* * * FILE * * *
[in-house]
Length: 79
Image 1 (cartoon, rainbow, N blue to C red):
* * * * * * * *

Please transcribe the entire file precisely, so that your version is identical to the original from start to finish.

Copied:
[in-house]
Length: 79
Image 1 (cartoon, rainbow, N blue to C red):